Masi: Horner punishment shows volunteers can't be attacked - The Race
Formula 1

Masi: Horner punishment shows volunteers can’t be attacked

Nov 21 2021
By Scott Mitchell

FIA Formula 1 race director Michael Masi has defended the marshals’ handling of the final moments of Qatar Grand Prix qualifying that enraged Red Bull.

At the end of qualifying, Pierre Gasly broke his front wing and punctured his right front tyre, dropping some debris on the track before his AlphaTauri limped around the final corner and to the finish line.

Single- and double-waved yellows were shown to different drivers who were behind Gasly depending on where they were on the circuit.

Red Bull’s title contender Max Verstappen and Mercedes’ Valtteri Bottas were adjudged to have ignored double and single waved yellows respectively, and were both given grid penalties.

Senior Red Bull figures hit out at the handling of the situation, with Horner criticising a “rogue marshal” and stating there “needs to be some grown-up decisions made by grown-ups”, while Red Bull motorsport advisor Helmut Marko accused the FIA of incompetence.

Horner’s remarks led to him being summoned to the stewards and officially warned but Masi said on Sunday evening he was not aware of Marko’s comments.

The FIA roundly defended the marshals and said the incident was managed in accordance with the governing body’s requirements.

Motor Racing Formula One World Championship Qatar Grand Prix Qualifying Day Doha, Qatar

Horner told the stewards his criticism was made “under the pressure of competition” after Verstappen’s penalty, while the stewards said the marshal did his job “in precisely the manner prescribed” by the FIA.

Horner “offered to apologise to the marshal concerned and to explain to the media that he meant no offence” and has also offered to participate in the 2022 FIA International Stewards Programme in early February.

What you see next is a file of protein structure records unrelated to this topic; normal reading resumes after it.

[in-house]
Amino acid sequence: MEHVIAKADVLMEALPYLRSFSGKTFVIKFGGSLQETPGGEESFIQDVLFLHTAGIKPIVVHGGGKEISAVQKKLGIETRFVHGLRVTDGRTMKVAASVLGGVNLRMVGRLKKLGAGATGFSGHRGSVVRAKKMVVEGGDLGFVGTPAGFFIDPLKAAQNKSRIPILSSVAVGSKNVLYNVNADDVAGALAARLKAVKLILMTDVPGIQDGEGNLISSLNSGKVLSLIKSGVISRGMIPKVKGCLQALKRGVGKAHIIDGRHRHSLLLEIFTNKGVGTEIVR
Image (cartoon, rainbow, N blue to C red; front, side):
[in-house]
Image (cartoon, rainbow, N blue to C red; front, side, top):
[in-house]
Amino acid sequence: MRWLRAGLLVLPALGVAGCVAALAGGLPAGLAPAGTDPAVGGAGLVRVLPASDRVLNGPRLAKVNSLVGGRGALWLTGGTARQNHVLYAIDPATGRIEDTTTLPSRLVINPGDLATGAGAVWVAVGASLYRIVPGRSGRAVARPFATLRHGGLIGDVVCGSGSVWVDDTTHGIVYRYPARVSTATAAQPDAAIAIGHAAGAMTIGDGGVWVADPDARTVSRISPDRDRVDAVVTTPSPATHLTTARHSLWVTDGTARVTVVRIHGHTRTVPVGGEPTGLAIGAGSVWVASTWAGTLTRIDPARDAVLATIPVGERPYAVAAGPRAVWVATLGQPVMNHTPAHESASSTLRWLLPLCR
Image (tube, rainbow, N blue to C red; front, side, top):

“I think you should not attack any person,” said Masi, who referred Horner’s comments to the stewards for review.

“Particularly when we have thousands of volunteer marshals around the world, that give up a huge amount of time globally, without them this sport that everyone has very close to their heart [couldn’t happen].

“All of them give up a huge amount of time. Without them, it won’t happen. That’s the part that a lot of people miss.

“And I will defend every volunteer official and every official at every racetrack around the world, that [such criticism] is not accepted.”

Masi said the flag marshals are responsible for both the physical flags and light panels, not race control – although they can be overruled.

“With all yellow flags that are displayed from trackside, they’re in the hands of the officials’ control as they are at every venue anywhere,” said Masi.

“And if they deem that it’s a single or a double, it’s up to those officials to determine that. And they judge what they see before them.”

Aston Martin driver Sebastian Vettel encountered double-waved yellows twice – at Turn 15 and then exiting the final corner, when Gasly was on the right-hand side of the track moving slowly down the start-finish straight.

These double-waved yellows were communicated via the trackside light panels.

But only a single-waved physical yellow fag was being shown by the time Bottas exited the final corner and Gasly had almost come to a stop.

That single yellow flag was also in operation when Carlos Sainz approached, just after Gasly had stopped completely.

By the time Verstappen reached the start-finish straight the double-waved yellows emerged, although these were still only physical flags.

This apparent erratic display could be explained by several things: first, how the marshals were judging the risk posed by Gasly’s limping car at different points in that final part of the lap, secondly the fact the hazard was moving round the circuit and therefore different parts of the track were ‘green’ again, and thirdly the fact there were different marshal posts being passed so different marshals would have been judging the situation as well.

“What the locals did, they reacted to the situation before them,” said Masi. “And that’s plain and simple.

“If you have a look at what was there and what was happening and with everything with Pierre’s car, they acted upon instinct for what was before them.”

He added: “They acted in the best interest of keeping everyone safe on track. And I don’t think anyone should be criticised for acting upon their instincts.”

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